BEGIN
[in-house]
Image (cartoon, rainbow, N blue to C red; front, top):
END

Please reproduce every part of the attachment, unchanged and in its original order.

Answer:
[in-house]
Image (cartoon, rainbow, N blue to C red; front, top):